Science

A Closer Look at Students’ Weaknesses in Algebra (Updated)

By Sean Cavanagh — October 01, 2009 2 min read

I’m neither a mathematician nor math teacher. Plenty of the readers of this blog do fall into those categories, however, and today I’m seeking them out.

A new report by Achieve, released today, shows students in 13 states struggling, big-time, with algebra, both at the introductory and advanced level. More than 80 percent of students in each of the states (which took part voluntarily in the exam) were not prepared for college-level math in Algebra 2, by the standards of the test. Those results won’t strike a lot of people as surprising, given the fact that students are flummoxed by algebra, and that this exam was designed to be an especially tough one.

Yet the Achieve report also includes breakdowns of where students struggled the most, by algebra topic. In Algebra 1, it was in data, statistics and probability. They did better, on the other hand, in non-linear relationships. In Algebra 2, students had difficulties with polynomials (a math expression with three or more terms) and rational functions. They fared a bit better on exponential functions.

Here’s a snapshot of the percent of students reaching “mastery,” as defined by the test, by category:

Algebra 1
—Non-linear relationships, 26.5 percent reached mastery
—Linear relationships, 24.6 percent
—Operations on Numbers and Expressions, 22.5 percent
—Data, Statistics, and Probability, 18.9 percent

Algebra 2
—Exponential Functions, 24.3 percent
—Function, Operations, and Inverses, 22.7 percent
—Equations and Inequalities, 21.8 percent
—Operations on Numbers and Expressions, 20.2 percent
—Polynominals and Rational Functions, 18.8 percent

A couple questions for readers who are tasked with explaining these math concepts to students every day—either at the K-12 or college level: Are these results what you would have expected? Do you find that your students tend to flail in data, statistics, and probability, and polynominals, more than other math topics? Or could these results simply be a function of this test’s content?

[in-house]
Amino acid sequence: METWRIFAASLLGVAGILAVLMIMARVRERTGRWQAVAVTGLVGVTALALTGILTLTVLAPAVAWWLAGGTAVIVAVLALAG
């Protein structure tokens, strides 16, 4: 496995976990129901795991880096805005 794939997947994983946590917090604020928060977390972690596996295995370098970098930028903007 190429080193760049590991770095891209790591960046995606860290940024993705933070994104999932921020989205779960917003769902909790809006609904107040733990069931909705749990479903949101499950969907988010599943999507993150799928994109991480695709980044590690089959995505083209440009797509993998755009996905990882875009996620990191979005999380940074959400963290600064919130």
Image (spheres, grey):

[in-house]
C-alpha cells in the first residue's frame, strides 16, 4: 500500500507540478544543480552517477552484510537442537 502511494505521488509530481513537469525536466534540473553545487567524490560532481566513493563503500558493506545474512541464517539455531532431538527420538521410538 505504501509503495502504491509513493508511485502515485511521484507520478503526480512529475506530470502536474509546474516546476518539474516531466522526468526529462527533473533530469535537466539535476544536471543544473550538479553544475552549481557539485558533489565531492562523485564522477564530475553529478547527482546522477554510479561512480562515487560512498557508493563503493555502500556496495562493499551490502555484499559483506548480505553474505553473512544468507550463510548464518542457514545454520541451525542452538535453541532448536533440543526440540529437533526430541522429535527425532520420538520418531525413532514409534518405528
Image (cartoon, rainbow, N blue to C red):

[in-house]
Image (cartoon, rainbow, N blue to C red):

UPDATE: Here are some thoughts on the question I posed from William McCallum, who directs the mathematics department at the University of Arizona. I wasn’t able to get his comments about students’ specific algebra shortcomings in my original story. While he notes that his interpretation would depend on knowing more about the test items, he also says:

"[P]olynomials and rational functions are a topic that many students struggle with because they require a real proficiency in algebraic manipulation that goes beyond just being able to perform the steps.” That type of problem-solving “really requires an ability to step back from a calculation,” he added, “and foresee which way it’s going to go, and maintain some supervision of the calculations to detect error...This is a higher level of proficiency in symbol manipulation than many students acquire.”

The Achieve test also found that students struggled most on constructed-response math questions, as opposed to multiple choice. Said McCallum:

"[Of] course [these] are always going to be more difficult, because they require an independent ability to plan a solution and marshal techniques, rather than just perform the techniques. But I have to believe that the large number of students who got zero on those is partly (perhaps largely) the result of the test not having any consequences, so that students would have just blown those off.”

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A version of this news article first appeared in the Curriculum Matters blog.